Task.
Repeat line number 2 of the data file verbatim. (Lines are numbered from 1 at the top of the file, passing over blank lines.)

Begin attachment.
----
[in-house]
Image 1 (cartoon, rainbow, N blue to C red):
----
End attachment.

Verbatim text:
Image 1 (cartoon, rainbow, N blue to C red):